Bundesliga: A rising star

Ever since Borussia Dortmund’s revival three seasons ago, the Bundesliga has really taken the interest of many English fans, especially with the amount of TV time they get compared to other foreign leagues is huge (ESPN and Eurosport which together do about 6/7 of the 10 games). It is very easy to see why it has burst on to the scene so much:

First of all, you have to start off with the crowd; the atmosphere at almost every stadium is undeniably jaw-dropping (especially Dortmund’s famous ‘Yellow Wall’). If you compare this to a place like England, at times, you can hear the away fans singing, if this were to happen in Germany, even at 3-0 to the away team, I would burn £1000 on the spot. Furthermore, it brings the people of Germany together; the poor and the rich, the old and the young as most tickets are under €15. For example, for a place with a good view in Borussia Dortmund’s notorious South Stand is about €11 whereas tickets in the Stretford End at Old Trafford are priced at £39 for adults.

If you again put the Bundesliga in comparison with the Premier League, the German League tends to make its own talent as their youth teams have a much better infrastructure than most other youth clubs with perhaps the exception of Ajax and Barcelona. 3 of Bayern Munich’s starting 11 against Arsenal in the Champions League were home-bred (Muller, Lahm and Schweinsteiger). It also has to be mentioned that only 2 of Arsenal’s starters were English (Walcott and Wilshere) whereas 6 of Bayern’s were bar Dante, Alaba, Mandzukic and Ribery and Martinez, which very smoothly leads me to my next point:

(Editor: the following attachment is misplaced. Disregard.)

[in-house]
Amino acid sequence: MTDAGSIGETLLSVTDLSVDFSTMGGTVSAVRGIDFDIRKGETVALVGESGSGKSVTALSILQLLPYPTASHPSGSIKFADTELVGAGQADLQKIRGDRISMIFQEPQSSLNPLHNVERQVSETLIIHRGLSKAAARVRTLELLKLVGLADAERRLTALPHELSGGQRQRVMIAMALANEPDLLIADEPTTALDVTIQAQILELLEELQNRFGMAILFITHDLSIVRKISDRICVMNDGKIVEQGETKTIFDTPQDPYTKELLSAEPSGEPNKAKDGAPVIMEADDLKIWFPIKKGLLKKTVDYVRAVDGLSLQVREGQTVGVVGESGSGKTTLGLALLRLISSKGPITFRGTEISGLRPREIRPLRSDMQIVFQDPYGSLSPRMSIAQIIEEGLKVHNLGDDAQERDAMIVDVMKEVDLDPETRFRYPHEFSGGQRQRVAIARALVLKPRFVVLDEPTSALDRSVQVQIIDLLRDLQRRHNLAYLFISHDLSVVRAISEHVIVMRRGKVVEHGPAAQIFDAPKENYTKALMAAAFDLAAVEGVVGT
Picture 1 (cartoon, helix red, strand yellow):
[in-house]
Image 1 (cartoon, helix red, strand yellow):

The law, which has recently been introduced in the Premier League that clubs have to make a profit over time which hopefully encourages more clubs to focus on their academies and bring up more English players to the top league which may hopefully help us try and win us a World Cup again, but this was introduced after BVB’s financial fall out of which they were saved by the other Bundesliga Club; which leads on to another law that, in my opinion, should be introduced to England’s professional leagues that if a club is in a financial fall, other clubs in the league have to help them get back to a stable condition because it’s simply unfair to a football club’s fans and players that they have to suffer for something that wasn’t their fault.

Going back to the actual football in Germany, you know that every year, every team has a chance of coming in the top half or even Europe as Eintracht Frankfurt or Mainz or Freiburg have proved this season that the small teams can fight with the big boys or as Hoffenheim did a few years ago when they went on a brilliant league run and gained a place in the Europa League. However, it is also the same at the other end of the table as the big teams of yesteryear such as Stuttgart or Wolfsburg (Remember Graffiti and Dzeko?) are near the bottom and Wolfsburg, if they string a few losses together and other results don’t go their way, they could be caught up and dragged into a relegation battle.

Moreover, I would say that the quality of the Bundesliga this season has been by far and away the best in Europe. If you compare most English teams to the Bundesliga teams, they play a much worse, much more conservative style of football which for a non-biased fan (I support a team in the Championship, Come on you Addicks!) is much more boring to watch than a good game between Dortmund and Schalke which is a lot more heated than any English match is nowadays and has much better quality, is a lot more attacking, includes a lot more goals and as many, if not more young stars (Marco Reus, Hummels) than a match between United – City.

In conclusion, I would like to point out that I do enjoy the Premier League a lot and watch at least 5 matches a week-end unless I am at a game and I would say that it is still the best league in the world, but that the Bundesliga is quickly catching up, but is it time for the Prem to be knocked off is perch and allow another league to come into the limelight.